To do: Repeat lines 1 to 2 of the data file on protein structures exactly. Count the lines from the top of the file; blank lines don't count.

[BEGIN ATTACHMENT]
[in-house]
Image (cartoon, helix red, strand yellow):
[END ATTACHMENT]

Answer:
[in-house]
Image (cartoon, helix red, strand yellow):